kernelFunctionName<<<Grid,ThreadsPerBlock>>>(arg1, arg2, ..., arg n);


As we can see, the __global__ function - aka kernel - is launched by the main host code with the Grid and ThreadsPerBlock parameters. Those parameters can either be a dim3 structure as presented above or a simple int if we only want a 1-dimension parameter. The grid represents the total amount of blocks, each containing ThreadsPerBlock threads. The kernel code is thus run with ThreadsPerBlock*Grid threads separated equally in the grid blocks.

The kernel code is stored into the global memory (the device main memory) with a limited size corresponding to 512 million instructions. It will also use the device’s instruction memory caches.

A kernel code is always asynchronous with respect to the host code, and sometimes even regarding other device instructions according to the CC. In regards to that feature, the host code can take advantage of overlapping with the device.

    cudaMemcpy(d_a, a, numBytes, cudaMemcpyHostToDevice); // Synchronous function, no overlapping allowed.
    kernelFunctionName<<<Grid,ThreadsPerBlock>>>(arg1, arg2, ..., arg n); // Asynchronous, we can take advantage of overlapping.
    //Host code during device execution

    // End of the overlapped host code. Waiting for the end of the kernel execution to transfer data between the host and the device. 
    cudaMemcpy(a, d_a, numBytes, cudaMemcpyDeviceToHost); // Synchronous function, no overlapping allowed.

Created when a kernel in launched, the grid is composed of blocks. A grid can be either of 1, 2 or 3-dimension depending on the CC. Blocks in a grid contain each the exact same number of threads. Every block of a grid is executed in a total independent and parallel way. Thus, there are no synchronizations between these blocks and no dedicated communication means.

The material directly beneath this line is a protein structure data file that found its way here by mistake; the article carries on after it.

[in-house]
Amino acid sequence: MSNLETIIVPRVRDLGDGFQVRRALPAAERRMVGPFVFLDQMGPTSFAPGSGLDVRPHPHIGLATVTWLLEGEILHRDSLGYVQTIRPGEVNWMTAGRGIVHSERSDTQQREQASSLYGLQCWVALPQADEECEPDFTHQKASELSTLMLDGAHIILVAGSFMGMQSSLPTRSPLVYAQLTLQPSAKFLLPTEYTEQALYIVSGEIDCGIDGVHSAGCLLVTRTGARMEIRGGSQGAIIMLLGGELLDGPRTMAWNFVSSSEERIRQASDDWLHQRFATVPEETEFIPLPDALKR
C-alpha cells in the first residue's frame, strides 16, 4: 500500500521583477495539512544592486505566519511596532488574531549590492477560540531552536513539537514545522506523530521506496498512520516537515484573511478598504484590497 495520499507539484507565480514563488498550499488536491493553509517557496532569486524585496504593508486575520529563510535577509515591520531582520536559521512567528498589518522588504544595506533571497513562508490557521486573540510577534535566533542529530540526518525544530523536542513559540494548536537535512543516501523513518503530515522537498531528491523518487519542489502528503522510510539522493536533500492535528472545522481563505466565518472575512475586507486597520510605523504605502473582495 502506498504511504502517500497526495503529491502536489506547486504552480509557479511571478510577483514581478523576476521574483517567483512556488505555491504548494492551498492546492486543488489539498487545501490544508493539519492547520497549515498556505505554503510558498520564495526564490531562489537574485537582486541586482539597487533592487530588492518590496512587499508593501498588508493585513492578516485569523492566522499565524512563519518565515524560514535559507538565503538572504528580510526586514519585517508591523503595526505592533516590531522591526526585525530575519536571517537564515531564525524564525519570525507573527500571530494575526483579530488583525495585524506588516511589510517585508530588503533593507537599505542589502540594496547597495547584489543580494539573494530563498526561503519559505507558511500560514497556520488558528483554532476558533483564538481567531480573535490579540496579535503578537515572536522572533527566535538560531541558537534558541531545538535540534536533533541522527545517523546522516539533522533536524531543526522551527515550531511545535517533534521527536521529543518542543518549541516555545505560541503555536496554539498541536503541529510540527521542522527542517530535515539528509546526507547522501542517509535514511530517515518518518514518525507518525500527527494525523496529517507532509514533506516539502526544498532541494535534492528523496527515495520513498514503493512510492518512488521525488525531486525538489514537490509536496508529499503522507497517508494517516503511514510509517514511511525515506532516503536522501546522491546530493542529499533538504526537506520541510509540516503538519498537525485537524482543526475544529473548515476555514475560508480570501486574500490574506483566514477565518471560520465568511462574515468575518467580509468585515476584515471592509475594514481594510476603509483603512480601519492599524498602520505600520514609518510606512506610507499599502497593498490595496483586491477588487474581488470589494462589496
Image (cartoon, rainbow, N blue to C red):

The size of a grid is limited to 65 535 blocks in each dimension except for x which is 2^31 - 1. The grid argument given in a kernel function call can either be a dim3 structure or a simple int. That way, we can decide specifically the grid we want as presented on the figure below.

In CUDA, the two reasons for choosing a multi-dimensional grid are: firstly to overtake the one-dimensional block size limitation and by extension the thread number limitation; and secondly to get a better representation of a potential multi dimensional problem resulting in an easier way to index data structures.


A block is a group of threads in 1, 2 or 3 dimensions. These dimensions are set when launching the kernel with the ThreadsPerBlock argument. A block is composed of at most 1024 threads and thus dimensions (x,y and z) must verify: “xyz <= 1024”. Only x and y dimensions can handle 1024 threads. The z dimension is limited to 64 threads. A block consists of a group of dedicated resources - registers (32K at the maximum) and shared memory - and is executed concurrently with other blocks on a SM (Streaming Multiprocessor, further details below).

A block represents a group of threads that can easily synchronize and communicate. As a consequence, communications and synchronizations must be taken into account when sizing blocks.


The finest-grained concept for describing a parallel program is the thread. As explained, a thread is what will execute a kernel code in parallel. Each thread posesses its own local ID (local to its block) which can be used to split the data to treat between all the threads. For instance, if 4 threads - with IDs going from 0 to 3 - have to treat a N sized array then each thread could treat the data at indexes [N / 4 * ID; N / 4 * (ID + 1)[. The local ID is per dimension and it can be directly found with the CUDA API’s structure threadIdx. Based on the local ID, the global ID is defined considering all the threads in the launched grid. The global one depends on the grid configuration and is calculated as done in the below example.

__global__ kernelFunctionName(arg1, arg2, ..., arg n){
    //Find the thread's id which is executing the kernel code.  
    //Local ID per dimension
    int x = threadIdx.x; //1D component 
    int y = threadIdx.y; //2D component if exists
    int z = threadIdx.z; //3D component if exists

    //Linearized local ID 
    int tid_2D = blockDim.x*threadIdx.y + threadIdx.x;  // Linearized local ID for a 2D block

    //Global ID
    int idx = blockIdx.x * blockDim.x + threadIdx.x;    // x global ID in 1D
    int idy = blockIdx.y * blockDim.y + threadIdx.y;    // y global ID in 1D 
    int w   = blockDim.x * gridDim.x;                   // Grid width
    int global2D = y * w + x;                           // Global ID in 2D